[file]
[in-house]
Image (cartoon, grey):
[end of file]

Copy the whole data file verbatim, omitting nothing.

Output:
[in-house]
Image (cartoon, grey):